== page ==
Call David Ringquist in West Hartford if you want some advice on all-weather commuting. The Department of Environmental Protection employee cycled his 5-mile route all but one day last winter, enduring bitter cold, snow and ice. He loves cold-weather riding, he said, because it reminds him of skiing. Sometimes he actually chooses to go through the drifts in Bushnell Park. This year, he used a studded snow tire for his front wheel, which helped with the ice.
Their Routes To Work
Sampson and Aarrestad have contrasting routes: Sampson starting on city streets and ending in the country, Aarrestad rolling from rural to urban.
In capsule form, here are their routes.
Sampson takes Route 159 (Windsor Avenue) down to North Main Street, through Hartford on Main Street, down Wethersfield Avenue to the Silas Deane Highway.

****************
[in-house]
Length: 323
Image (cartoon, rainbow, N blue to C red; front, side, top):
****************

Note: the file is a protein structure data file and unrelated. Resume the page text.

Along the way, there is plenty of traffic and pedestrians, but Sampson says he enjoys watching all the activity. It keeps him alert and focused and perhaps, for that reason, even safer than on a less-traveled country route.
The congestion eases up when he turns right onto Route 3 in Rocky Hill, entering a residential neighborhood, before taking Route 217 to Country Club Road. When he turns left onto Higby Road, with its view of Mount Higby, the scenery turns bucolic. He crosses Route 66 and goes on to Jackson Hill Road, where he hits his maximum speed -- 40 mph -- and passes the scenic Walnut Hill Farm.
He blows through the stop sign at the bottom of the hill -- it's the only traffic signal he ignores, he said, because he can easily see whether he needs to stop -- and then heads up Route 147 to his office.
Time: About 2 hours. Average speed: about 20 mph.
At work, he takes a shower and changes into the work clothes he carries in his messenger bag. He rides much of the year, but avoids snow, ice and heavy rain.